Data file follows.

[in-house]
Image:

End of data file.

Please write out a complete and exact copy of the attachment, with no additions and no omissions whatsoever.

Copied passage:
[in-house]
Image: